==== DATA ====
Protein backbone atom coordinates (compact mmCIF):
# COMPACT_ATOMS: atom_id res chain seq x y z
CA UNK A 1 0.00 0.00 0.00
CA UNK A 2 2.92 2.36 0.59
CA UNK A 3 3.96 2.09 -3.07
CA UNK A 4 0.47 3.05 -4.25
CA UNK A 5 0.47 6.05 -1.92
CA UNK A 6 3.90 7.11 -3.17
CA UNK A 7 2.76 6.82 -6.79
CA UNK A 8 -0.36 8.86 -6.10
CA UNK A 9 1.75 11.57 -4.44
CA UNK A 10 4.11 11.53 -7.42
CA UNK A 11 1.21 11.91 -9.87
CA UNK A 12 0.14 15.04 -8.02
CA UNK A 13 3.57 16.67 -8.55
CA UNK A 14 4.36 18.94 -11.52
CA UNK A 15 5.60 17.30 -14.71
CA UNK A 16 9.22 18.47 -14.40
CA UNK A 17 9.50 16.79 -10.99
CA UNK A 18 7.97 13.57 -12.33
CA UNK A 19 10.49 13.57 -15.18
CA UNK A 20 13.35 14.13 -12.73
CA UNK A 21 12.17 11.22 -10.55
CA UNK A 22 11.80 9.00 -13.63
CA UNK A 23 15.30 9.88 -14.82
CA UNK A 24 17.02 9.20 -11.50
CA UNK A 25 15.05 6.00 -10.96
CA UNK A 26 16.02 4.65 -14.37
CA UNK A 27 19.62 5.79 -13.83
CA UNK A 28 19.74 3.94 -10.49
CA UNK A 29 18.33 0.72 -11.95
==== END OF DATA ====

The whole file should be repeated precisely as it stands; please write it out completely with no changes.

Protein backbone atom coordinates (compact mmCIF):
# COMPACT_ATOMS: atom_id res chain seq x y z
CA UNK A 1 0.00 0.00 0.00
CA UNK A 2 2.92 2.36 0.59
CA UNK A 3 3.96 2.09 -3.07
CA UNK A 4 0.47 3.05 -4.25
CA UNK A 5 0.47 6.05 -1.92
CA UNK A 6 3.90 7.11 -3.17
CA UNK A 7 2.76 6.82 -6.79
CA UNK A 8 -0.36 8.86 -6.10
CA UNK A 9 1.75 11.57 -4.44
CA UNK A 10 4.11 11.53 -7.42
CA UNK A 11 1.21 11.91 -9.87
CA UNK A 12 0.14 15.04 -8.02
CA UNK A 13 3.57 16.67 -8.55
CA UNK A 14 4.36 18.94 -11.52
CA UNK A 15 5.60 17.30 -14.71
CA UNK A 16 9.22 18.47 -14.40
CA UNK A 17 9.50 16.79 -10.99
CA UNK A 18 7.97 13.57 -12.33
CA UNK A 19 10.49 13.57 -15.18
CA UNK A 20 13.35 14.13 -12.73
CA UNK A 21 12.17 11.22 -10.55
CA UNK A 22 11.80 9.00 -13.63
CA UNK A 23 15.30 9.88 -14.82
CA UNK A 24 17.02 9.20 -11.50
CA UNK A 25 15.05 6.00 -10.96
CA UNK A 26 16.02 4.65 -14.37
CA UNK A 27 19.62 5.79 -13.83
CA UNK A 28 19.74 3.94 -10.49
CA UNK A 29 18.33 0.72 -11.95